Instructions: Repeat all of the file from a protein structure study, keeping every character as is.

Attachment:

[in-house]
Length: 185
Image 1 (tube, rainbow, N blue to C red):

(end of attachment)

[in-house]
Length: 185
Image 1 (tube, rainbow, N blue to C red):